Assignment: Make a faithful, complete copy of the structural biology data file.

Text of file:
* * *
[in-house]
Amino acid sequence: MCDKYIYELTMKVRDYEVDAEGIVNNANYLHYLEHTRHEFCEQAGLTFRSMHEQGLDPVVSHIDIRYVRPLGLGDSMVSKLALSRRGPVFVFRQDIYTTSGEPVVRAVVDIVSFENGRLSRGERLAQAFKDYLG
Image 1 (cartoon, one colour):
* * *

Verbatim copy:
[in-house]
Amino acid sequence: MCDKYIYELTMKVRDYEVDAEGIVNNANYLHYLEHTRHEFCEQAGLTFRSMHEQGLDPVVSHIDIRYVRPLGLGDSMVSKLALSRRGPVFVFRQDIYTTSGEPVVRAVVDIVSFENGRLSRGERLAQAFKDYLG
Image 1 (cartoon, one colour):